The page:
What Do These Stones Mean?
What Do These Stones Mean?
May 29, 2011
by Rev. William “Buck” Day
We now have the opportunity to turn to our Scripture on this Memorial weekend, so I thought this would be a very appropriate Scripture. So we will look at an Old Testament story of the Israelites crossing the Jordan. So we will look at a couple different passages of…a video that we are going to watch right now, and then I will get up and talk.
(Start of video of a couple men and a young boy skipping stones on a lake.)
Man 1: You know there is a story about a guy named Joshua.
Boy: From the Bible?
Man 1: Yeah. Yeah, that’s the one. God told him to build a memorial out of stones.
Man 2: And the stones were to be a reminder of this great thing that God had done.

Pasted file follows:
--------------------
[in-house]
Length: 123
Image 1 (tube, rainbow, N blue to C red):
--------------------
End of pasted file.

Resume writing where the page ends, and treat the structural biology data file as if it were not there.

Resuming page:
Man 1: So we know it is not the same thing but we were wondering if we could remember your dad with you… Remember all the great things he has done.
Man 2: So this stone here, this one is for remembering our great friend.
Man 1: This stone is for his part in keeping my kid safe at night.
Man 2: You got one?
Boy: Not yet.
Man 2: O.K. This stone is for him being the reason I know anything at all about the Bible.
Man 1: Yeah, me too, actually. This stone is for dragging us to church that first time.
Man 2: This stone is for freedom to worship and his sacrifice for that.
Man 1: This stone is for not letting his best friends stay mad at each other.
Man 2: You know, he loved the simple things—the things like people getting to speak their mind or having dreams and pursuing them. This stone is for defending those things.